Baker is leading a delegation of some 50 business and academic leaders from Massachusetts to Israel. While no deals have yet been announced, Baker said the meetings have brought together key players from Massachusetts and the vibrant Israeli high-tech scene.
"I believe that many of the connections that were made over the course of the past few days will certainly bear fruit going forward and it's going to be incumbent on us to see what we can do to make sure that happens," he told The Associated Press. "I actually think we'll have more to the say about that over the course of the next six months."
The Republican governor, a former hospital executive, said he has a special interest in teaming up Massachusetts health care providers with Israel's world-class cyber security industry.
Baker described himself as a proponent of using technology to allow patients to share data with their doctors and providers. "For digital health care to truly deliver on its potential," he said, "that data has got to be trusted and secure."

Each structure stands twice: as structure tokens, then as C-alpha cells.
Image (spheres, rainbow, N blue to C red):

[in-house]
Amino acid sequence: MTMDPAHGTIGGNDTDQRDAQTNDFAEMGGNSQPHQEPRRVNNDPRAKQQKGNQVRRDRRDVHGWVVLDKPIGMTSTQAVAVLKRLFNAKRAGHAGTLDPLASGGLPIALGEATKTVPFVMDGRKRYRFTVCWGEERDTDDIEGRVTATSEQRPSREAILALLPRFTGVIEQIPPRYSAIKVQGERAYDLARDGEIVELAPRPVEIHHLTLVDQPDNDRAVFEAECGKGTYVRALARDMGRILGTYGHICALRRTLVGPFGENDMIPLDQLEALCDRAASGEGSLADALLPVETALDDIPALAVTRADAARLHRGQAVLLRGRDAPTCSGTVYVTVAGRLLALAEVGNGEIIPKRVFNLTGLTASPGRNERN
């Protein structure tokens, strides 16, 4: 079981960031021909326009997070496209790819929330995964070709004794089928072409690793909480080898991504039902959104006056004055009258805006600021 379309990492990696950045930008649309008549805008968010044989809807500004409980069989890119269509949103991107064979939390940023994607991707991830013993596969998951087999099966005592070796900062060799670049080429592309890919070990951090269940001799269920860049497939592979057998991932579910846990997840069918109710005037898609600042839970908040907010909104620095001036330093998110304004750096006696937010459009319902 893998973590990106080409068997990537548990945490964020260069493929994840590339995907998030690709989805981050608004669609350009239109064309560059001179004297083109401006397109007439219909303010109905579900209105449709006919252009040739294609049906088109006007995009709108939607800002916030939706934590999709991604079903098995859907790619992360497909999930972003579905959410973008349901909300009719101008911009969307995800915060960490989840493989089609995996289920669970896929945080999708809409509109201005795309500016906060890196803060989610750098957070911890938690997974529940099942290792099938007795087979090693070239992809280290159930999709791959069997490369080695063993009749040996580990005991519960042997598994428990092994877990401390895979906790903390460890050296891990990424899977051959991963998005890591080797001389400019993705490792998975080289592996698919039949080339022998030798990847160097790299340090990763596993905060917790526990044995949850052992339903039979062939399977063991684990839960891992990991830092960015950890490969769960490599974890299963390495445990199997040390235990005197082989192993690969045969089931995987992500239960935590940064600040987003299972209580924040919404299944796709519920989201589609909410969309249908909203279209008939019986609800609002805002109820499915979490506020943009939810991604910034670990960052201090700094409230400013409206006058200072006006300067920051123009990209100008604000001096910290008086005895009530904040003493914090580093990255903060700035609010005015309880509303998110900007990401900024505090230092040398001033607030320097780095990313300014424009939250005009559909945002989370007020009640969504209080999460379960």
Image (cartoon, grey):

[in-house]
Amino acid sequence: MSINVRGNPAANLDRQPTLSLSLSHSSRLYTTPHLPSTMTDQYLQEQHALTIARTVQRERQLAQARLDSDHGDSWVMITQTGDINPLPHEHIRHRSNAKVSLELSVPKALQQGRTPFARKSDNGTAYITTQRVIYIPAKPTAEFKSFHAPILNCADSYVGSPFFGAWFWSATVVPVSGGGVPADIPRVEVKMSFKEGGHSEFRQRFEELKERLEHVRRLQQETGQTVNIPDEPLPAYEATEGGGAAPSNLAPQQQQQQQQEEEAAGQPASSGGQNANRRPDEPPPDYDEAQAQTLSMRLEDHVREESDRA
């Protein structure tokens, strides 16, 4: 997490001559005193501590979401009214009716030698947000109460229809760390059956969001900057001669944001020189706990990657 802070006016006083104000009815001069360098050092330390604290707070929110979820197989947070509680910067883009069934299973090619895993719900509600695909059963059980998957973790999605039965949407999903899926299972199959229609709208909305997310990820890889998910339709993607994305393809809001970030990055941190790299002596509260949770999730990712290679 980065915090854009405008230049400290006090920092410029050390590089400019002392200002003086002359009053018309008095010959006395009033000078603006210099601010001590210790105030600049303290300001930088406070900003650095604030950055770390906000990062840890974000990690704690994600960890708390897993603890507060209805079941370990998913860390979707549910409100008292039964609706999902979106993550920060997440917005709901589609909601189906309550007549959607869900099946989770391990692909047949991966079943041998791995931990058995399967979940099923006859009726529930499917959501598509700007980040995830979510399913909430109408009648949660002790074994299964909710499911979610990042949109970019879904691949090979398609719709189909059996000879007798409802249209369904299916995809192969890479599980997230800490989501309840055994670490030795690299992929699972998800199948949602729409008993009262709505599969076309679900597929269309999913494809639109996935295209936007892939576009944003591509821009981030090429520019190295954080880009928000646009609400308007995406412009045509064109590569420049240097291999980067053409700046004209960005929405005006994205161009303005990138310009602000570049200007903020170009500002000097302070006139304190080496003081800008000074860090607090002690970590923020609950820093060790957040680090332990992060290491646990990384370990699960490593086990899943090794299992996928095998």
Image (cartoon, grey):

Israel and Massachusetts have deep ties. According to the New England-Israel Business Council, Israeli-founded companies in Massachusetts employ 9,000 workers, while leading Massachusetts companies, including General Electric, Dell EMC and Raytheon, operate in Israel.
Baker's trip has included meetings with government officials, local businesses, the Sheba Medical Center and Tel Aviv University.
On Wednesday, he was scheduled to visit the Israeli office of MassChallenge, a private nonprofit organization that assists high-tech startups. The state government is among the sponsors of MassChallenge.